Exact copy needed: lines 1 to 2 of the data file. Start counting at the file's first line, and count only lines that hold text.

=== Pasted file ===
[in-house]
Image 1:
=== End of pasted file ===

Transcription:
[in-house]
Image 1: